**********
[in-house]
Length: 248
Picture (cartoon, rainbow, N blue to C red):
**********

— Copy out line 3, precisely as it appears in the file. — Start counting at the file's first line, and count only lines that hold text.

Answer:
Picture (cartoon, rainbow, N blue to C red):